Getting Scary Close
“You just have to read it” she said over the phone, “I don’t know why, I just feel like you should.”
My mother, who lives three provinces away back in my hometown of St. Catharines, Ontario, calls to chat with me often, but not to make book recommendations. Like most mothers and daughters, we have very different tastes. She knows it. I know it. But there she was anyhow, with no language to rationalize instinct.
Two weeks later Donald Miller’s Scary Close arrived for me at the quaint little library on Cortes Island. On the third page I realized that I wasn’t going to be able to put this book down. My mother was right. Big-time.
I know Donald Miller wasn’t writing his confession because he knew I needed to read it, but it felt like he did. Just a little (maybe a lot). And It started with this brisk slap in the face, as he explained the connection between love and writer’s block:
As an artist and a hopeless romantic, I’d spent all of my time trying to become a person and create things that other people would like. I didn’t want to share my artistic process, my personal shortfalls, or straight-up-career fumbles with anyone. Nope, I wanted to jump in the shower where no one could see me cry and come out fresh, as if nothing happened.
I would tell myself: “Everyone else has their shit together! I too should have an Instagram-ready life!" If I deserved love it’s because I was perfect. If I found career success it’s because I honed my style, and each piece I created was perfect. Perfect. Perfect. Perfect. Perfectly Exhausting. Because (gasp!), I’m not perfect. So, instead of being myself, I was trying to be an “Amanda” I thought worthy of love.
Turning page after page, I realized that in my effort to be perfect, I was actively preventing my own happiness. I was afraid to truly be seen. I was afraid to be vulnerable. I was afraid to let people too close. If I wanted to experience true intimacy, Donald Miller revealed, I had to let people in close. Not just close, scary close. Thanks Mom.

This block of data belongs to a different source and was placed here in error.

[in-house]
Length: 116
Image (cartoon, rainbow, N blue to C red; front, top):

So what happens now that I’ve finished the book? As I try to adopt these lessons into my own life? Cue adorable coming of age story.
A man named Charles Hughes entered my life. To this day I can only describe his presence as inexplicably comforting. One hike and beach-fire later, I boldly shared that I was ever-performing. At work, in relationships, I was never truly myself. I wanted to stop. Before I knew it, I was confessing it all to Charlie: my desire to be perfect, my fear of being found-out as an unsure stumbling artist---as an unsure, stumbling woman. I was scared. It was the first time I was truly vulnerable with someone. And you know what he did? He listened. And then he said “me too.”
Doing the inner work to understand yourself and your motivations is tough. It can take a lifetime of rewiring to change your behaviours and overcome fear. Charlie and I are still unpacking our stories with each other, but we also put a few thoughts into action.
Together we planned how I could re-shape my artistic practice to align with who I am, right now. Not who I want to be tomorrow, or who I think someone else wants me to be. Charlie asked what it would look like if I was photographing for myself. For fun. What inspired me? What moved me? What would challenge me in a way I would enjoy, while honing my skills? What could I actually commit to?
It was during this conversation that my series The Cortes Portraits was born. The plan was to complete a series of shoots, one each month, where I explore this incredible island I call home. Nothing showy, no complicated set-ups of ornate locations. Just Cortes, myself, and the people who agreed to join my journey and be photographed. And you, as the audience.
Each session from The Cortes Portraits will be posted on my blog, as an incomplete body of work, ever-developing as I learn and grow, change and explore. Because things don’t always have to be perfect and finished. Being a work-in-progress is being human. Plus, damn, it feels really good to just be yourself.